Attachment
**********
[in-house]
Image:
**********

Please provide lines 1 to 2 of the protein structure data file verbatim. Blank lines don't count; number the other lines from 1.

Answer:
[in-house]
Image: